This compendium by Mihir Kumar Maitra is a valuable resource for all practitioners engaged in watershed management activities in the field.

Watershed management in India (Image Source: India Water Portal)
Looking back into history to understand droughts
The 2015­-2018 drought, the longest, but less severe of droughts experienced by India raises alarm on the negative effects of future droughts on water security in the country. Aarti Kelkar Khambete posted 1 year 7 months ago

Droughts in India: types, causes and effects

Droughts are greatly feared in India, impacting food production, the economy and the livelihoods of millions of farmers. 60% of India’s population is engaged in agriculture.

India will see more droughts in the future. (Image Source: Wikimedia Commons)
BWSSB’s workforce woefully inadequate, says Chairman Tushar Girinath
Bangalore's water utility is understaffed, under financed and unable to service the city's water needs. priyad posted 1 year 8 months ago

“It is a lack of (institutional) capacity which is leading to public woes on water. We are not in a position to give you quality services because of two things – one, manpower, and two, finances,” said BWSSB Chairman Tushar Girinath, speaking at a panel discussion on ‘Sustainable, Equitable Access to Water’.

Image credit: Citizen Matters
Mapping Pune’s aquifers
Groundwater use has doubled in Pune. Comprehensive mapping of groundwater resources and better management and governance is the need of the hour. Aarti Kelkar Khambete posted 1 year 8 months ago

Pune continues to face a water crisis every summer despite having sufficient water, thanks to its geographical location and plentiful natural water assets. While enough of its water needs are taken care of by water supply from the Khadakwasla dam, the use of groundwater to meet the needs of the population continues to increase.

Groundwater, an exploited resource (Image Source: India Water Portal)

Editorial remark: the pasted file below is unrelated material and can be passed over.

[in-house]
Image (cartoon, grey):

From droughts to floods: India’s tryst with climate extremes
Deconstructing the traditional narrow engineering based policy discourses around floods and droughts and connecting them to social and cultural realities is the need of the hour in India. Aarti Kelkar Khambete posted 1 year 9 months ago

India has witnessed extreme weather conditions this year. While parts of the north and south have battled drought like conditions this summer, the northeast and western coastal areas witnessed heavy rains and floods.

Water talk Series at Mumbai (Image Source:Tata Insitute of Social Sciences)
The Water Future Conference in Bangalore: Towards a Sustainable Water Future
The recently concluded 4 day conference in Bangalore looked at the current state of global water resource challenges & future pathways to achieve the SDGs, while ensuring equity in access to all. priyad posted 1 year 9 months ago

The Water Future Conference in Bangalore last week, saw many from the scientific community, academia, research, civil society and the media come together to discuss the state of water resources across the world and in India, as well as future pathways and scenarios, and different technological a

Charles Vorosmarty, Chair, COMPASS Initiative, Water Future at the opening plenary on advanced water system assessments to address water security challenges of the 21st century.
Water wisdom in times of a climate crisis
New report documents India’s rich traditions of water harvesting and sustainable use. Amita Bhaduri posted 1 year 9 months ago

A recent report by Shailendra Yashwant for Oxfam India looks at India’s ingenious ways of harvesting, storing and distributing water from the Kuhls in Himachal Pradesh that channel water from Himal

Bandhara (in Nashik, Maharashtra), a low masonry weir of 1.2 to 4.5 m height, which is constructed across a small stream for diverting the water into a small main canal taking off from its upstream side (Image: Shailendra Yashwant, Oxfam India)
India’s deepening water crisis
Making false doomsday claims of a water crisis could support problematic mega solutions, which could lead to more problems. Amita Bhaduri posted 1 year 9 months ago

The last few months have seen much debate and discussion on the fast approaching Day Zero, with claims that taps in 21 major Indian cities will dry up.

India's demand for water will exceed supply by a factor of two by 2030, as per a NITI Aayog report (Image: Vinoth Chandar, Flickr Commons (CC BY 2.0))